Driven : Toyota GT86 Primo

Carole Nash Classic Insurance Specialists

Despite us living in the era of the 350bhp-plus hot hatchback, it’s good to know that an honest-to-goodness, reasonably priced, coupe can still get our juices flowing.

The Toyota GT86 delivers excitement and feedback – as well as a good dose of street cred – for the price of a mid-range Ford Focus. But would the novelty wear off after a short blast in the country?

Toyota GT86 (1)

Before we get down to the nitty gritty of this working man’s hero of a sports car, consider the Toyota GT86’s place in motoring history. Here we have a 197bhp, rear-wheel drive coupe that costs £22,495 in the basic guise we tested it in. Admittedly, it’s in no way a rival, but consider that this is the same price (give or take a few pennies) as a Ford Focus 1.0T Nav Titanium X, and you’ll agree that what we really have here is the 2010s equivalent of the MGB GT – a properly affordable sports car.

Further thought could soon get one thinking about counterfactual history and, how following SAIC’s takeover of MG Motor UK, this kind of car genuinely could have been rolling out of Longbridge by now. Picture the scene: it’s 2007, and SAIC’s management falls in love with the classic MG ethos and tasks SMTC UK to come up with a sound sports car plan to relaunch MG with a bang – and one that could be easily implemented.

A little shopping around the UK specialist car industry for drivetrain technology, a further boost of the excellent K-Series engine, a conversation with Lotus about flexible production techniques later and, within two or three years, a new sports car emerges blinking in the glare of the media spotlight. The MGH is born, with an Andy Kitson-honed suspension set-up, and the UK has a sports car it can be proud of. Ah, well…

Instead, Toyota and Subaru launched the brilliant ‘Eight-Six’ – or Hachi-Roku (ハチロク) in Japanese – and BRZ in 2012, and proved there’s still very much a place in the market for the sort of low-priced, fun, coupe that Britain used to churn out in their hundreds of thousands. It’s light – by today’s standards – at 1235kg, and boasts near 50/50 weight distribution. The boxer engine has a low centre of gravity and, with rear-wheel drive and a limited slip differential, it promises to be an absolute hoot to drive. So, in reality, it’s more Ford Capri Injection than MGB GT? Perhaps…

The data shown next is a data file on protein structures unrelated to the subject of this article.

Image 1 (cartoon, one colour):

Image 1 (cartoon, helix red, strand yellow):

We’re sampling the entry-level Primo model, with smaller 16in wheels and no boot-mounted spoiler. It still comes equipped will all the essential kit, although the Touch and Go navigation fitted to our car was a £750 option. Given it looks like a standard double-DIN set-up, we reckon you could probably buy better (for less) from an aftermarket supplier such as Alpine or Pioneer – but that’s a minor detail.

The important points are that the driving position is perfect in the old-school sporting way of having your legs stretched out ahead of you, and the relationship between your hands, feet and major controls is also spot-on. As for interior quality – yes, it’s okay, and there are some details that feel a little dated (like the digital clock), but it all adds to that back-to-basics feel that marks this out as a car honed for keen drivers.

Toyota GT86 (2)